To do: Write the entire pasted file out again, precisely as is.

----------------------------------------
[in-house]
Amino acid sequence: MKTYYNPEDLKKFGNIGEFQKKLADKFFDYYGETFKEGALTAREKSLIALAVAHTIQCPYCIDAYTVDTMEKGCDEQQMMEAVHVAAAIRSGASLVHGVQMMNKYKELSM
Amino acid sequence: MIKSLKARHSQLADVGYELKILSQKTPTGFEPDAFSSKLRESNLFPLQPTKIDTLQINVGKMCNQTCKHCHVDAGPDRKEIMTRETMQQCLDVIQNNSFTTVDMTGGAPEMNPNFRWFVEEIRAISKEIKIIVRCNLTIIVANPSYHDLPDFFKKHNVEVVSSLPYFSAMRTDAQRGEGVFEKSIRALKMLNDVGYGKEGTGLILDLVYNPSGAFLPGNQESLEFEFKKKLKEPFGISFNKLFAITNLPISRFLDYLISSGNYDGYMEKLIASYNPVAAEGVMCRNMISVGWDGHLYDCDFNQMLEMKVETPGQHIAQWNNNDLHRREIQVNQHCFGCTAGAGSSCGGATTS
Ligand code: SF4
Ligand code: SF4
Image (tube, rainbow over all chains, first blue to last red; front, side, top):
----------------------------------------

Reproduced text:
[in-house]
Amino acid sequence: MKTYYNPEDLKKFGNIGEFQKKLADKFFDYYGETFKEGALTAREKSLIALAVAHTIQCPYCIDAYTVDTMEKGCDEQQMMEAVHVAAAIRSGASLVHGVQMMNKYKELSM
Amino acid sequence: MIKSLKARHSQLADVGYELKILSQKTPTGFEPDAFSSKLRESNLFPLQPTKIDTLQINVGKMCNQTCKHCHVDAGPDRKEIMTRETMQQCLDVIQNNSFTTVDMTGGAPEMNPNFRWFVEEIRAISKEIKIIVRCNLTIIVANPSYHDLPDFFKKHNVEVVSSLPYFSAMRTDAQRGEGVFEKSIRALKMLNDVGYGKEGTGLILDLVYNPSGAFLPGNQESLEFEFKKKLKEPFGISFNKLFAITNLPISRFLDYLISSGNYDGYMEKLIASYNPVAAEGVMCRNMISVGWDGHLYDCDFNQMLEMKVETPGQHIAQWNNNDLHRREIQVNQHCFGCTAGAGSSCGGATTS
Ligand code: SF4
Ligand code: SF4
Image (tube, rainbow over all chains, first blue to last red; front, side, top):